The Montreal Canadiens were able to see the real Brendan Gallagher return in 2017-18. After two consecutive years of serious hand injuries, the speedy winger had his best season, scoring a career-high 31 goals and 54 points. A healthy Gallagher played in all 82 games in the style the Habs are accustomed to, digging pucks out of corners, driving towards the net, and playing solid positional hockey.
Most fans saw a significant change in his attitude as well. Known for a take-no-prisoners style around opposing goaltenders, he earned the wrath of many referees and officials over the years. This year he was more subdued, arguing less, and demonstrating the maturity of a player more interested in being a playmaker than a pest.
For the coming year, the big question will be how far he can continue to improve offensively. The first factor will be his health, but the second will also be crucial to the overall success of the team. The Habs must make key roster moves to compete for a playoff position. Changes will likely be made to the top two lines and any improvement will be felt in Gallagher’s output immediately.
Gallagher Was the Habs’ Top Even-Strength Forward
If you look closely at his statistics, Gallagher’s performance in 2017-18 was more impressive given the amount of time he spent as an offensive zone forward. With his duties split between generating offense and shutting down the opponents’ top lines, he frequently played with less adept playmakers and often had to generate chances himself.
His most common linemates were Tomas Plekanec and Paul Byron, followed by Charles Hudon and Jonathan Drouin. Hudon was in his first full season as a regular, while Drouin spent much of the year adapting to his new position.
Drouin Will Have to Continue to Develop at Centre
If we are to believe management, Drouin is still a possible top-six centre. The team will have to commit to this and use him at that position exclusively next year. If that happens, there’s hope the impact of new assistant coach Dominque Ducharme will aid his progress. Ducharme not only coached Drouin at centre with the Halifax Mooseheads, he was also responsible for the development of the Colorado Avalanche superstar centre, Nathan MacKinnon.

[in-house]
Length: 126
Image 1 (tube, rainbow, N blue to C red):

Bergevin Must Make Off-Season Moves
Unless they decide to draft Brady Tkachuk, the Habs will have to sign a centre through free agency or a trade. I still predict they’ll make an offer to Paul Stastny, but should that fall through, another playmaking centre isn’t just a luxury, it’s a necessity. Despite his weak offensive numbers, losing Plekanec leaves a huge hole in the lineup that Phillip Danault or Jacob de la Rose would struggle to fill. If Marc Bergevin fails to address this, the Habs will be juggling lines with numerous combinations that won’t bode well for Gallagher’s stats.
The team also needs a puck-moving defenseman who can make an accurate pass out of the zone at even strength, but with the continued maturity of Victor Mete and Noah Juulsen, they may not need to look outside of the organization.
Can Gallagher Match Brad Marchand’s Numbers?
Over the course of their careers, more than a few comparisons have been made between Gallagher and Boston Bruins forward Brad Marchand. Both men are small in stature but play with the aggression of larger forwards. Both are offensive-minded and rarely give up on a play. Both are also known for their chippy attitude, although Marchand has taken it to a new level with several suspensions under his belt. When it comes to statistics, the numbers favour Marchand, until we examine their careers more closely.